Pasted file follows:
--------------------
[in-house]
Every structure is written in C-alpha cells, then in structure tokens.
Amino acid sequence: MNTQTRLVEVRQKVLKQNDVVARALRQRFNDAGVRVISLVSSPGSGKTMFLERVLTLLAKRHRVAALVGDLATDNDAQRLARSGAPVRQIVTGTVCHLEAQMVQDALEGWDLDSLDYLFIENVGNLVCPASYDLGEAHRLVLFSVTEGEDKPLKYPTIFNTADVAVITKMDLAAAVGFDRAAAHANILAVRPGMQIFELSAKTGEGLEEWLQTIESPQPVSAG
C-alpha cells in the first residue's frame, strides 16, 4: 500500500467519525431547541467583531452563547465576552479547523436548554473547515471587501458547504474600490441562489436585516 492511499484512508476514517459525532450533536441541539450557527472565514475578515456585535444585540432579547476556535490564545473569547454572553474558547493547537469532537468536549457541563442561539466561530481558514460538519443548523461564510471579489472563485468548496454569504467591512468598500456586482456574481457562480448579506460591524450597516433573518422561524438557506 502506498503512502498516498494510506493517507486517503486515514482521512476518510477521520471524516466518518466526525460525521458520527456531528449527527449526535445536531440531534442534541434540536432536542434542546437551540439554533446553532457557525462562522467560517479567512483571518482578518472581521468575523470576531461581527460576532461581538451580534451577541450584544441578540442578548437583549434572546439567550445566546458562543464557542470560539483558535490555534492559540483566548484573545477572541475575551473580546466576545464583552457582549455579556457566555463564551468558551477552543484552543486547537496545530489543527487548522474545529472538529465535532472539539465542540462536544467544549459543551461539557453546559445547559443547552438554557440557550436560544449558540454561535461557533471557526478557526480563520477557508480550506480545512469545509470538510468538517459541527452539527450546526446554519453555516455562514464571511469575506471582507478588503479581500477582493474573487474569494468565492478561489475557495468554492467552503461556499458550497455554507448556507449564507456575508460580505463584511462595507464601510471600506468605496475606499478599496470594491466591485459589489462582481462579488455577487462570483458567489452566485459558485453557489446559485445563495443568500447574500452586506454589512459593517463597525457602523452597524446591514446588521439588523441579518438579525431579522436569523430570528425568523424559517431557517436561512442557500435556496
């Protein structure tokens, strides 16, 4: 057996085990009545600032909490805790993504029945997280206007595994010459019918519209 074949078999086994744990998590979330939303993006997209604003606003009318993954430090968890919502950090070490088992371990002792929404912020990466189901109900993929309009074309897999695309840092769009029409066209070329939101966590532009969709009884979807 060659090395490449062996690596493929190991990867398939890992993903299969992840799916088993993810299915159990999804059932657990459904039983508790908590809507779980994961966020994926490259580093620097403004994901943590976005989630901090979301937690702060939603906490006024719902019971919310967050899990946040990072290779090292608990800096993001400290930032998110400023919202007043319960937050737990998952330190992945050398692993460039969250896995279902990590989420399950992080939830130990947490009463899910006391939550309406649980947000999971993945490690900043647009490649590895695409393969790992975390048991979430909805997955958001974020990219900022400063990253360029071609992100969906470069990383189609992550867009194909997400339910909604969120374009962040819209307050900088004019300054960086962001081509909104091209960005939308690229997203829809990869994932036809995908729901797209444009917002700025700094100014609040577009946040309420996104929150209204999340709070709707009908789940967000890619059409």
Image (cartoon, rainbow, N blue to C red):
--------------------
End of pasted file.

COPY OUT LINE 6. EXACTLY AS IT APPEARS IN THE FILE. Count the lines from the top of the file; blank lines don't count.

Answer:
Image (cartoon, rainbow, N blue to C red):